Call Center Employee (Retail)

Call Center Employee (Retail)

Call Center Junkie

7 Years Experience

St Joseph, MO

Male, 27

I have been working in the Call Center retail Industry in the Sales and Customer Service aspect for 7 years. In the retail part, i have handled everything from tv and internet service through cell phones and beyond. I enjoy what I do because I get to talk to new people every day from all over the country and the world. Ask me anything, while i'll never claim to have seen and done it all, I have enough experience that I can usually figure it out if I don't already know it.

SubscribeGet emails when new questions are answered. Ask Me Anything!Show Bio +


Ask me anything!

Submit Your Question

23 Questions


Last Answer on April 13, 2015

Best Rated

Do you think phone reps in outsourced call centers are worse, the same, or better than US-based reps? It's annoying when you get the guy with a thick Indian accent named "Peter", but do you think they're equally competent or even moreso?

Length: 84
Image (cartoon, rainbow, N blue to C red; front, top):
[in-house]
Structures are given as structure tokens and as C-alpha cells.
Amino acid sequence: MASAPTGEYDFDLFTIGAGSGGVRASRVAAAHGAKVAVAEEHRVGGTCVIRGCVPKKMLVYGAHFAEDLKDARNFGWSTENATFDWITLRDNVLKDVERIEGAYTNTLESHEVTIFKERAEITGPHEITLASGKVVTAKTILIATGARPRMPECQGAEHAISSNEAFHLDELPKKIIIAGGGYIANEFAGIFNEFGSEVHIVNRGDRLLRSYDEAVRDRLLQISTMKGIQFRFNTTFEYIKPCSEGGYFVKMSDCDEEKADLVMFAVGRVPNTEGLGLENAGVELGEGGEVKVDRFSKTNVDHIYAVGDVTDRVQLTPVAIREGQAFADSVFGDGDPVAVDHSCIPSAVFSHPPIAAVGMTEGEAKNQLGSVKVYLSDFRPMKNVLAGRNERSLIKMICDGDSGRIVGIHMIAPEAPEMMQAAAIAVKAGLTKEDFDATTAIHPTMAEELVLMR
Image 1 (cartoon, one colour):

Asked by Indy1 almost 4 years ago

This is a difficult question. Some reps from other countries, yes, they are horrible. But that is equally so for US reps. In certain countries in that part of the world, people have to be more educated (i'm talking a bachelors degree or more) to work in a call center and the pay is less then what it is here in the US, hence the draw for companies looking to save money. I will say that, in my experience, the reps I have talked to in the Philippines are a little harder to deal with then reps from India.

We have all had an experience with "Peter" and the best thing I can say is to work through it the best you can because it's a struggle for him too. Don't forget that. Most companies though, if you ask nicely (key word there is NICELY) for a rep that speaks English better, they will try to accommodate. Give it an honest effort though. You'd be surprised the good experience you can have. Those reps are generally under more pressure to give the customer a better experience so when you give them a chance, they can surprise you!

The other thing we (as consumers) have to remember is, outsourcing is, for lack of a better term, our fault. We have demanded lower prices and companies had to find ways to give us what we wanted. We have brought this on ourselves. This is a prime example of getting what you pay for.